The group had committed another robbery beforehand, according to an arrestwarrant affidavit, taking two cellphones. Those victims were able to give police a description of the robbers, who drove away in a black pickup.
The phones were tracked to NorthPark Center, where police found the truck and Miller, who had the phones, police said. Officers also found the two men and the juvenile and took them into custody.
Levels and Miller admitted taking part in the robbery that led to Ali’s shooting as well as two other robberies, the affidavit says.
Levels and Miller were being held in the Dallas County jail Tuesday, with bail set at $800,000 each. Both face one count of capital murder and three counts of aggravated robbery. It was unclear whether they had attorneys.
A grand jury determined there was insufficient evidence to indict Tatum for capital murder. He bonded out of jail on the robbery charges April 5.
‘This is only the beginning ’
Mary Elbanna resigned as the mayor’s chief of staff earlier this year to spend more time with her family.
“Very quickly, it all became too much,” she said. “My family needed me and I needed them, as we all continue to now. This is only the beginning.”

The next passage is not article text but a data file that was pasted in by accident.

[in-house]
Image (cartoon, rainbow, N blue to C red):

Johnson held his third State of the City address Nov. 17 and voiced his support for the city’s latest budget, which increased investment in the police department and public safety. He praised police Chief Eddie García on his violence-reduction plan —police statistics have shown a reduction in violent crime during the new chief ’s tenure, though homicides have seen an uptick this year.
In a statement Tuesday, Johnson said he is grateful for the police department’s work in the case.
“Public safety is not just a talking point,” he said. “Real lives are at stake — including the lives of the people closest to us.”
Johnson said Elbanna’s death was “abominable and unimaginably tragic.”
“This is — and always has been — the Elbanna family’s story to tell, and they have the right to tell it on their own timeline and in their own way,” Johnson said. “I just hate that they have to tell it ; Ali Elbanna should still be here with his wife and his amazing children.”